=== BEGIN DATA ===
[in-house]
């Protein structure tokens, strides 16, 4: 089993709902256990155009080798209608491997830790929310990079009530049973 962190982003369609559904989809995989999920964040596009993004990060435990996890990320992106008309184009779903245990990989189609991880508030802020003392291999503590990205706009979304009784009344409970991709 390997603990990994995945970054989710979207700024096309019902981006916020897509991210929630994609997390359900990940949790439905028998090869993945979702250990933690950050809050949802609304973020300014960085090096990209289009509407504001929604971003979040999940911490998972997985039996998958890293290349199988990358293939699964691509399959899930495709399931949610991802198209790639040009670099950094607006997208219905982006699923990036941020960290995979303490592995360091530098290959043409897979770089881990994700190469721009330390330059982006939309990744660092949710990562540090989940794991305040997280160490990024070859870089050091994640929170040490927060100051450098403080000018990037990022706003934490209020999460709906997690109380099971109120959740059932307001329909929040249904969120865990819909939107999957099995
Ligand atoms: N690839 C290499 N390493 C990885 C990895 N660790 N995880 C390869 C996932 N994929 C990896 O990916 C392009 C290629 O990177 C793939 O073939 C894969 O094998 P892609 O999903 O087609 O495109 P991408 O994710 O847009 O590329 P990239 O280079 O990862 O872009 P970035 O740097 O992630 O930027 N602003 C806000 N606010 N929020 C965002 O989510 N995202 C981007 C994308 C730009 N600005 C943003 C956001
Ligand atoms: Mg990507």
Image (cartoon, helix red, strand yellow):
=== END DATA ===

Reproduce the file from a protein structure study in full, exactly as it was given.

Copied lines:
[in-house]
């Protein structure tokens, strides 16, 4: 089993709902256990155009080798209608491997830790929310990079009530049973 962190982003369609559904989809995989999920964040596009993004990060435990996890990320992106008309184009779903245990990989189609991880508030802020003392291999503590990205706009979304009784009344409970991709 390997603990990994995945970054989710979207700024096309019902981006916020897509991210929630994609997390359900990940949790439905028998090869993945979702250990933690950050809050949802609304973020300014960085090096990209289009509407504001929604971003979040999940911490998972997985039996998958890293290349199988990358293939699964691509399959899930495709399931949610991802198209790639040009670099950094607006997208219905982006699923990036941020960290995979303490592995360091530098290959043409897979770089881990994700190469721009330390330059982006939309990744660092949710990562540090989940794991305040997280160490990024070859870089050091994640929170040490927060100051450098403080000018990037990022706003934490209020999460709906997690109380099971109120959740059932307001329909929040249904969120865990819909939107999957099995
Ligand atoms: N690839 C290499 N390493 C990885 C990895 N660790 N995880 C390869 C996932 N994929 C990896 O990916 C392009 C290629 O990177 C793939 O073939 C894969 O094998 P892609 O999903 O087609 O495109 P991408 O994710 O847009 O590329 P990239 O280079 O990862 O872009 P970035 O740097 O992630 O930027 N602003 C806000 N606010 N929020 C965002 O989510 N995202 C981007 C994308 C730009 N600005 C943003 C956001
Ligand atoms: Mg990507």
Image (cartoon, helix red, strand yellow):